Friday, September 17, 2010

Nailed to the Present Moment

I think that all the times I've been powerfully affected by the Presence of God have been times when I was both deeply at peace and also in emotional torment.  It sounds contradictory, but that must be part of it too.  Anguish alone is insufficient.  But accepting it and relaxing into it seems to be key.  Not that you can force anything.  For God is always in charge of such events.  But waiting on God is not some rarefied intellectual exercise.  It wrenches us... down to our roots!

Probably the last time I felt "nailed" was last Fall.  Right before I fell headlong into Orthodoxy.  One hand nailed to a sense that workers were needed in the vineyard (the vast majority of catholics, bereft of spiritual care, reeling from abuse scandals); the other hand nailed to the remnants of authentic spiritual tradition, borne and transmitted through just a few monastic orders.  Indeed, I became convinced the Cistercians, for example, could so easily feel at home in Orthodoxy.  Nailed!  But just one step away.

And while the reason for this post does involve Cistercians, it's really about something else entirely.  Something I have yet to truly plumb in all its depth.  Something I'll likely be pursuing for the rest of my life.  The reason, actually, for the two new blogs (see sidebar - under musical note).  Both blogs spring from one poem.  And like the "burning bush" that came to me as a drawing, that poem holds a lot.

The unlikely setting for my revelation was a massage. 

The unlikely circumstances?  A few weeks after the ill-fated election of 2004.  The dishwasher had died.  Along with my hopes.  We were participating in a consumer boycott.  I was not attending church of any type, but had written this fateful piece of fiction.    I had just recovered from a bad cold that had prevented me from surreptitiously placing said fiction here and there (to aid the boycott).  Never did do that.  Instead, wham!  (Curiously... we never got around to replacing the dishwasher.  Not till last week, just before I felt moved to write this.)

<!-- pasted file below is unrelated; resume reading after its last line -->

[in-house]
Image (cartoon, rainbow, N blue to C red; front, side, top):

I was lying there, near the end of a long massage, thinking that I needed to recenter my life, myself.  When suddenly came the words:  I'm supposed to be a priest.  Not that I heard a voice.  But I knew.  I knew something so powerful that there and then I soberly reviewed my options.  There was no going back.  I had to go forward in this knowledge.  I was completely and totally relaxed.  Yet entirely focused and alert.

Now I won't go into all the adventures this led me to.  All the soul searching.  Some beneficial wrong turns.  The blessings that came my way.  In pursuit of this revelation.  This inner demand.  Which threw my life into a turmoil.  Turning me inside out and upside down.  But there was no going back.  Nor was there a clear way forward.  Indeed, as I have already said, I will likely be pursuing this for the rest of my life.

So what does it mean?

Well, to answer that I must return to a Cistercian monastery.  I love this particular place.  I may return this Fall.  Lovely drive.  Especially in Fall.  I'll go this time with great peace of mind.  To reflect.  To relax.  Read.  Sleep.  Meditate.  Nice room and meals.  Some grounds to walk.  An austere chapel.  Silence.  I'll see what emerges in that silence.